Human rights and ‘Sharing the Pain’

Amidst all the current mainstream rhetoric about sharing the burden of our 
economic crisis, there’s been a striking lack of discussion about the 
limits of the pain that can be offloaded on the worst-off. Ireland’s
 obligations under international human rights law are very relevant here,
 but seem to be missing in action at the moment. What follows are a few 
suitably po-faced and technical legal points: read at your own risk!

Ireland, along with its fellow EU member states, has signed and ratified a
 series of human rights treaty instruments which commit states to 
respecting basic social rights. These include the UN Covenant on Economic,
 Social and Cultural Rights (UNESCR in the acronym-ridden world of 
international human rights law), and the European Social Charter, which 
requires states among other things to maintain a functioning social
 security net, provide social assistance to those in need and ensure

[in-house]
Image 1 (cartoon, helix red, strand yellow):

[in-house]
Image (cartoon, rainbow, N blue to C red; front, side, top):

workers receive a fair and just remuneration.

The European Committee on Social Rights has interpreted these obligations as requiring states to
 provide a decent income to individuals and families in need, which does 
not fall excessively below the median standard of living. Similarly, the 
Committee has interpreted Art. 4(1) of the Charter as requiring states to
 establish a minimum wage that does not fall too far short of the median
 national wage. The UN Committee on Economic, Social and Cultural Rights 
has developed similar standards.

In other words, respecting social rights means more than simply ensuring
 that the poor don’t starve: it requires that individuals and families 
receive a decent income through work or social assistance. Ireland, along
 with the rest of the EU, has accepted these obligations: they bind our 
generous donors as well as ourselves.

However, they seem at present to be
 comprehensively overlooked in media and policy debates about our austerity 
package. Few possibilities exist for enforcing these international law 
obligations through courts: however, they provide a point of reference 
which should place limits on how low we as a society choose to go.

Colm O'Cinneide
 is a Reader in Law
 at University College London.